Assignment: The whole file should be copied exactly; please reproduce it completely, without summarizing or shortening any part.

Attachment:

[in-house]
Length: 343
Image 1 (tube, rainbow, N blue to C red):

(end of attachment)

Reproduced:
[in-house]
Length: 343
Image 1 (tube, rainbow, N blue to C red):